I have visited several of the famed California Missions in the past but recently bought a map detailing all of them. Now I on on a mission, no pun intended, to see as many of the 21 as I can. I will update my post and photos as I make progress!!
Here is the list so far:
Mission San Juan Capistrano: If you drive to San Diego from LA make sure to stop at the beautiful Mission San Juan Capistrano at 26801 Ortega Highway. The mission is very attractive. There are also permanent exhibits featuring historical and religious artifacts and paintings. You can also visit living quarters where you can see dining rooms, bedrooms and kitchen. Make sure to see the Sierra Chapel, completed in 1788, and the Great Stone Church completed in 1812. There is also a larger Basilica further up the street. There are many events throughout the year with many in March surrounding the return of the famous swallows.
Make sure to see the Old Santa Barbara Mission. This is a beautiful spot. It was the 10th California Mission and was completed in 1786, two years after the death of Padre Junipero Serra, who founded the first nine Missions. It was Padre Fermin Francisco de Lasuen, his successor, who raised the cross and made the first converts. The chapel and grounds are lovely.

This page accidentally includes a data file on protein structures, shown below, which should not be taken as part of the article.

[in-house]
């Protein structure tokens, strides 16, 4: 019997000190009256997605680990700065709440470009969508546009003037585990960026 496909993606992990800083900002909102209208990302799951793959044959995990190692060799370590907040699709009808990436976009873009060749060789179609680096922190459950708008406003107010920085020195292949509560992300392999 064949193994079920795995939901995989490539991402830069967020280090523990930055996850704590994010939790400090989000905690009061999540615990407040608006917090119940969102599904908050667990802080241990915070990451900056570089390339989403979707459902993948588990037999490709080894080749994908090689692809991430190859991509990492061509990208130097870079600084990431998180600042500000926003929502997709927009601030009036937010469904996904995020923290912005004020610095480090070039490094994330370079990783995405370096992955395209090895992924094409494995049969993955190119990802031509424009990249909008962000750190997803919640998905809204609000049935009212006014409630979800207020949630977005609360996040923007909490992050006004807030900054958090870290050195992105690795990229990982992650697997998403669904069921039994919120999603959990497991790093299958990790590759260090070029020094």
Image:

Santa Ines Mission: Right near downtown Solvang, north of Santa Barbara, is the historic mission that was the 19th of the 21 missions established by the Franciscans. It was founded by Fr. Estevan Tapas in 1804. There is a small museum, but the highlight is the beautiful church. It is well-worth a stop to explore the site.
Carmel Mission: The Basilica of Mission San Carlos Borromeo Del Rio Carmelo or Carmel Mission was founded in 1770. It was founded by Franciscan Friar, Junipero Sera. He founded many of the other California missions as well. The Mission Church is one of the prettiest I have seen on my last trip to Carmel-by-the-Sea. There is an interesting small museum to explore as well. 3080 Rio Rd.
Old Mission San Juan Bautista: The Mission is one of the prettiest of the one of have visited. It opened in June 1797 by Fr. Fermin de Lasuen, successor to Juniper Serra. Fr. Lasuen founded four missions. This was the 15th of the 21 missions in Alta or Upper California. The cornerstone was laid for the present church in 1803. The square surrounding the Mission is equally interesting, with many historic buildings from the 1800s including a hotel and stables. It is a State Park. The Mission is located on Rts101 and 156 north of Salinas between San Francisco and Carmel-by-the-Sea.
Mission San Luis Obispo de Tolosa: Located in the center of downtown, this is one of the famous California Missions founded by Fr. Junipero Serra. The Mission in San Luis Obispo was founded in 1772 and restored fully in 1930s. The church is well-worth the visit.
San Francisco de Asis: Also known as the Mission Dolores. It is the oldest building in San Francisco and should be on your list as it is on the southern end of the Mission district. It was founded in June 1776. The highlight is the small mission church, but don’t miss the old cemetery and the Basilica from 1918.
It is worth the short drive north of Paso Robles to San Miguel CA to see the historic Franciscan Mission. Mission San Miguel – named for the Archangel Saint Michael – was founded by Franciscan Father Fermin Francisco de Lasuen in 1797, and was meant to close the gap between Mission San Antonio to the north and Mission San Luis Obispo to the south. You can attend a mass on Sunday or early on weekdays or take a tour at other times.